Jayson Gillham has come a long way from his humble beginnings in the Queensland country town of Dalby. Now in his early 30s, Gillham is based in London and has an international career. He arrives in Melbourne having just performed all of Beethoven’s Piano Concertos with the Adelaide Symphony Orchestra to great acclaim. This concert developed themes explored in his 2016 debut disc with ABC Classic, Romantic BachRachmaninov’s take on the Prelude from Bach’s Violin Partita No 3 was a perfect curtain-raiser for such an exploration, presenting a well-judged melding of brilliance and clarity with expressive flexibility.

Jayson GillhamJayson Gillham. Photograph © Benjamin Ealovega

Bach’s A minor Fantasia and Fugue, BWV 904 was well delineated, and in the spirit of the program, included judicious octave doubling in the bass. The Fantasia was full of energy and the fugue (for all intents and purposes, a double fugue) was clearly laid out, Gillham carefully shaping the first subject with its rising fifth and then rising sixth. A judicious tempo allowed an attractive ebb and flow of musical ideas to emerge.

Egon Petri’s arrangement of Bach’s Schafe können sicher weiden (Sheep may safely graze) from Cantata 208 was given straightforward treatment, free of any affectation. The multi-sectioned nature of Bach’s Capriccio On the Departure of a Beloved Brother BWV 992 afforded Gillham the opportunity to set various moods while telling the story of friends unsuccessfully attempting to dissuade a young man from leaving their company. The central lament was suitably spacious and lyrical, forming a good contrast with the foreboding of the second movement and the final, fugal postilion ride.

Busoni’s reimagining of the Chaconne from Bach’s Violin Partita No 2 is a pianistic edifice as massive as it is grandiloquent. Gillham invested the music with solid, ringing tone and surmounted its considerable technical challenges with flair, saving energy for a final, incendiary peroration of the theme.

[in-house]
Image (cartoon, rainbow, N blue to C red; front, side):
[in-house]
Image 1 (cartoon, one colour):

Leaving Bach behind, the second half of the program focussed on the intersection between pianism and the song in both early and later romantic contexts. Schumann’s all-too-rarely-performed Waldszenen, Op. 92 have an appealing honesty and simplicity that refreshed the musical palate after the Busoni. Gillham’s customary clarity served the music well. Just occasionally certain movements (such as Einsame Blumen) could have benefitted from greater warmth of tone, as means of binding up Schumann’s disparate musical ideas. Vogel als Prophet, one of the composer’s most whimsical utterances, had a good sense of timing, and the bittersweet valediction of Abschied was well realised.

The remainder of the program consisted of four song transcriptions by Liszt. Schubert’s Erlkönig, with its rapid-fire repeated notes was truly exciting, not least with the carefully managed accelerando during the final struggle between life and death. Weaving between minor and major in classic Schubertian manner, Der Müller und der Bach was full of restrained longing. Schumann’s famous Widmung came across with plenty of passion, notwithstanding a tiny lack of focus early on. Mistakenly attributed to Schubert in the program, Schumann’s Frülingsnacht from the Op. 39 Liederkreis provided a shimmering end to this generous program which had plenty of technical and expressive challenges.

Gillham, who attracted a large and enthusiastic audience, showed himself more than equal to these challenges. Like a good vintage in which the relationship of fruit to deeper flavour changes over time, I look forward to hearing how the relationship between extraversion and introversion (which is at the heart of this program) will develop in Gillham’s playing. His is a career definitely worth following.